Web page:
Re: [asa] Why it's not as simple as God vs the multiverse

From: Schwarzwald <>
Date: Fri Dec 05 2008 - 00:11:42 EST

I believe David Heddle, sometimes-list-contributor, dealt admirably with the
puddle comparison on his blog:

That said, I think it's a mistake to believe we can 'prove' God with science
- I'm almost tempted to believe that the multiverse is even more
'God-friendly' than fine-tuning. Even inferring God (as opposed to 'some
kind of designer') is difficult empirically. But, particularly when it comes
to comparing against a modern atheist materialist perspective, there's such
a thing as too much humility. I more and more suspect that the enlightenment
vision of a world so many thought science would inevitably discover is gone
forever, and that unspoken realization (along with some other changes since
the Enlightenment era) is one reason there is such renewed tension between
religion and science.

On Thu, Dec 4, 2008 at 11:59 PM, Merv <> wrote:

> Alexanian, Moorad wrote:
>> Those who ascribe to physicalism realize that it is next to impossible to
>> explain the fine-tuning other than the aid of the concept of the multiverse.
>> That is their last rope. Absent that, they believe they must succumb to
>> theism.
>> Moorad
> I know that current fine-tuning arguments from physicists aren't so easily
> dismissed as their simpler predecessor arguments involving various
> "Goldilocks zones" like sun-earth distance, atmospheric compositions, etc.
> And yet the philosophical similarity may bear some reflection. To that
> end.... If there is a celebrated atheist whose contributions could
> possibly be appreciated by theists, I would nominate the late Douglass
> Adams, despite having Dawkins or other fellows in the same fan club. Adams
> (in a speech to some scientists, I believe --don't remember this from his
> books) once compared humanity to a puddle of water that woke up one morning
> in the bright sunlight and began to marvel on how well it fit the cavity it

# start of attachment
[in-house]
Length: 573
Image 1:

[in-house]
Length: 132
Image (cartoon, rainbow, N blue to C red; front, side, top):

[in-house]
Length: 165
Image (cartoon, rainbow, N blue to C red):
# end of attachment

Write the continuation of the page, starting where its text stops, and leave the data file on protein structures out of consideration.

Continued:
> was in. In fact, so perfect was the fit, that the water became convicted
> that it had been designed specifically for the hole, and surely the hole had
> been painstakingly prepared for it! Or (as I have heard the argument put
> another way) is a good thing my parents named me "Merv" because that
> sure is what everyone keeps calling me.
> For all his mockeries (whether gentle or not) of our human and religious
> foibles, I think Adams gave us a gift of brilliant wit. And we Christians
> can be sharpened by considering the powerful thrust of his humor here. It
> is one thing for me to worship God for His creation as it is found in the
> complete package deal (as Job persisted in doing), and quite another to
> attempt standing on creation in an effort to reveal God. Should these
> multiverse enthusiasts who are so frightened of fine-tuning ever become
> Christian converts, they would be most obnoxious ones because of their
> entrance into the strong I.D. foyer where they might stubbornly wish to
> remain. But if the Spirit uses that tool, then perhaps they can also be
> drawn further along until their initial reasons for conversion are
> overwhelmingly superseded by deeper relational aspects, and they will be
> able to look back in more sober, mature, and even humorous reflection on the
> quirky road they (and many of us) are traveling to deeper faith. That could
> be our prayer. And for an answer to Adams' wit we might reply: "as
> a matter of fact, that hole really was gloriously designed, indeed! and
> yes, we do praise God for all of it!"
> --Merv
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Received on Fri Dec 5 00:12:21 2008

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